Continuous Improvement, Core HR, Process Improvement
Why Wait? How to Make Incremental Changes to Your HR Processes NOW
We’ve all heard a million times that HR is taking on a more strategic role. But what does that mean for your HR practice? Have you stepped into HR’s strategic power at your organization or are you stuck in the transactional world?
Change isn’t just lurking on the horizon anymore. It’s here, whether we’re ready for it or not. This means changes are going to be occurring across your organization, but there’s some good news: You don’t have to wait for sweeping changes to rattle the C-suite before you improve processes and efficiency in your HR practice. In fact, the longer you wait to isolate pain points and make improvements, the more difficult large-scale change is going to be down the road. It’s time for HR to step up and own it.
I’m here to tell you not to be afraid to make your voices heard. Only actual HR practitioners at your organization understand the nitty-gritty of your HR practice, so your voice should be instrumental in making changes. For too long HR teams have simply executed on the objectives of the C-suite or other departments without providing their guidance. Now it’s time to assess how HR can provide your organization with efficiency and innovation to operate smoothly. HR deserves to be heard.
Here are some of the ways you can step into your strategic role and make changes in your HR practices today.
Audit Your Processes
HR should not wait for change to be triggered from the top, when budgets are tight or costs are getting out of control. It doesn’t have to be like this.
How often do you step back and ask yourself why? Why do we do these transactions, why are we running these reports, why is it that the C-Suite doesn’t understand that some of their decisions have terrible process consequences?
Often it is because HR has just replicated the processes that have been handed down to them for decades, without giving much consideration as to why. A closer, more frequent look will show that many of these processes are inefficient and unnecessary. This can really bog down HR, which has a ripple effect across the organization.
It’s critical to take a step back periodically (at least every six months) to map out your processes and evaluate their efficiency — or lack thereof. Identifying pain points, handoffs, manual steps, etc. and prioritizing the most important actions that can help you work towards your efficiency goals. HR processes shouldn’t just be more of the same. Change is here, and it’s time for HR to step up.
Raise Your Voice
Don’t allow yourself to become disenfranchised. Raise your voice and fight for what’s best for your team and the people you serve. Making incremental changes or working within your existing system can lead to better, more efficient processes. This can improve the employee experience organization-wide, and save employees time and money.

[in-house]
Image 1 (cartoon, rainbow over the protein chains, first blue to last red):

Change doesn’t have to be monumental. In fact, practicing incremental changes drives a culture of innovation and efficiency. It helps you to work with what you have, and determine where larger changes need to occur. But it’s up to you to voice the need for change.
I’ll pull an example from my personal archives. When I worked in payroll at a previous organization, we ran would run “audits” with every payroll cycle on every employee (50,000!). The quotes around audit are because we would dump the payroll data out of the system, run VLOOKUP’s using our audit tolerances to find the employees with issues. This would take us more hours then we had to get through the process. So I finally asked myself why? After the first payroll, we reviewed the process, wrote the audit reports based on the tolerances and implemented them in the system for the next payroll cycle. This simple modification significantly improved our processes, decreased the time and resources we spent on auditing, and increased our payroll accuracy.
It’s just a matter of making yourself heard. You have the evidence of bad processes in hand. Demonstrate to the C-suite how your improvements will make a difference. Spur a culture of change. Raise your voice.
Let the Momentum Carry You
Take a stance and never stop asking yourself or your teams how to increase efficiency. Once you master a few incremental changes, it’ll become second nature for you. This mindset lends itself to a culture of improvement. This cultural shift can become contagious — you and other teams will start to notice other places where improvements can be made in the organization. Cultivating this mindset and lending your expertise in the C-suite will truly bring HR into that strategic role.
Your little wins set the tone for your tenure at the company, and give you the momentum to carry you forward. Don’t let change roll past you. Make your argument, and make sure the C-suite listens.
Let’s talk about how your organization is planning for change. Send me an email to connect.